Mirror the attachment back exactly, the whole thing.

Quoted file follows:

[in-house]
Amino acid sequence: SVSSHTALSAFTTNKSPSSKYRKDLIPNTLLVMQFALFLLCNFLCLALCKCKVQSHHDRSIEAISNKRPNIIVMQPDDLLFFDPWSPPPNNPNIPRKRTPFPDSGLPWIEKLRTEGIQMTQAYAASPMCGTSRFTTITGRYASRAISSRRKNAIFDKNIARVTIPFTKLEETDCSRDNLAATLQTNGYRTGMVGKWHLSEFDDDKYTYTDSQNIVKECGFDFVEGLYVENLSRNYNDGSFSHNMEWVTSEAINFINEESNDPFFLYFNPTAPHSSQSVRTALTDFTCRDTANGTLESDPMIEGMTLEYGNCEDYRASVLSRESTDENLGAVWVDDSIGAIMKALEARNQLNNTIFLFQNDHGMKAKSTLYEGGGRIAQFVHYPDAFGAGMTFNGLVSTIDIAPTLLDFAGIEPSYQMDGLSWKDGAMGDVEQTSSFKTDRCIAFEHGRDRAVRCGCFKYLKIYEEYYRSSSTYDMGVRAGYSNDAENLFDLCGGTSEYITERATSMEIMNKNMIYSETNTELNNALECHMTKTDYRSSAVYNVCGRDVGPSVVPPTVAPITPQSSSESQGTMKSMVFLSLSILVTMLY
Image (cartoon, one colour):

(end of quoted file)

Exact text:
[in-house]
Amino acid sequence: SVSSHTALSAFTTNKSPSSKYRKDLIPNTLLVMQFALFLLCNFLCLALCKCKVQSHHDRSIEAISNKRPNIIVMQPDDLLFFDPWSPPPNNPNIPRKRTPFPDSGLPWIEKLRTEGIQMTQAYAASPMCGTSRFTTITGRYASRAISSRRKNAIFDKNIARVTIPFTKLEETDCSRDNLAATLQTNGYRTGMVGKWHLSEFDDDKYTYTDSQNIVKECGFDFVEGLYVENLSRNYNDGSFSHNMEWVTSEAINFINEESNDPFFLYFNPTAPHSSQSVRTALTDFTCRDTANGTLESDPMIEGMTLEYGNCEDYRASVLSRESTDENLGAVWVDDSIGAIMKALEARNQLNNTIFLFQNDHGMKAKSTLYEGGGRIAQFVHYPDAFGAGMTFNGLVSTIDIAPTLLDFAGIEPSYQMDGLSWKDGAMGDVEQTSSFKTDRCIAFEHGRDRAVRCGCFKYLKIYEEYYRSSSTYDMGVRAGYSNDAENLFDLCGGTSEYITERATSMEIMNKNMIYSETNTELNNALECHMTKTDYRSSAVYNVCGRDVGPSVVPPTVAPITPQSSSESQGTMKSMVFLSLSILVTMLY
Image (cartoon, one colour):